On April 25, 2016, Justice Scarpulla of the New York County Commercial Division issued a decision in Norcast S.ar.l v. Castle Harlan, Inc., 2016 NY Slip Op. 30787(U), dismissing fraud claims for failure to plead that the plaintiff suffered an out-of-pocket loss.
Norcast arose from the plaintiff’s sale of a company, Norcast Wear Solutions, Inc. (“NWS”) to an entity, 0913044 B.C. Ltd. (“BC”), that was created by private equity firm, Castle Harlan, Inc., for the purpose of the acquisition. Following the sale, plaintiffs claimed they were defrauded because Castle Harlan hid the fact that the buyer’s owner was actually not Castle Harland, but a competitor of NWS, Bradken Ltd. (“Bradken”). According to plaintiffs, “Bradken would have bid more if it was participating in the process, [plaintiff] would have negotiated with Bradken to bid more . . ., and other strategic purchasers may have been driven to higher bids if they knew that Bradken was participating in the auction.” Plaintiffs sued Castle Harlan, asserting, inter alia, claims for fraud, conspiracy to defraud, fraud in the inducement, negligent misrepresentation and aiding and abetting fraud.
Justice Scarpulla dismissed all the fraud claims for failure to allege any out-of-pocket loss, explaining:
To state a claim for fraud, a party must plead damages, and, for such a claim, the true measure of damages is indemnity for the actual pecuniary loss sustained as the direct result of the wrong[,] or what is known as the “out-of-pocket” rule. Pursuant to the out-of-pocket rule, damages are the difference between the value of the bargain which a plaintiff was induced by fraud to make and the amount or value of the consideration exacted as the price of the bargain. Importantly, damages are to be calculated to compensate plaintiffs for what they lost because of the fraud, not to compensate them for what they might have gained, and there can be no recovery of profits which would have been realized in the absence of fraud.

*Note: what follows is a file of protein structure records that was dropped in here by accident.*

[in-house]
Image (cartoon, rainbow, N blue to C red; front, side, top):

Here plaintiffs allege that they were damaged by misrepresentations and omissions because they could have sold NWS for more than the amount for which it sold if they or “other bidders, or would-be bidders” had known that Bradken was the ultimate buyer. Plaintiffs claim that this loss is not speculative and add that “Bradken actually paid more for NWS than Castle Harlan did, and Bradken also paid additional money to compensate Castle Harlan for its role in the conspiracy.”
Plaintiffs do not allege that they sold NWS at a loss because of Castle Harlan’s alleged misrepresentations and omissions. In fact, Castle Harlan’s $190 million bid for NWS was $20 million greater than the next highest bid. Instead, Castle Harlan impermissibly seeks compensation for what they might have gained had they, or other bidders or would-be bidders, known that Bradken was the ultimate purchaser. Such damage – additional, alleged profits that plaintiffs might have reaped if they knew that Bradken was to be the ultimate purchaser of NWS – are not cognizable under the “out-of-pocket” rule.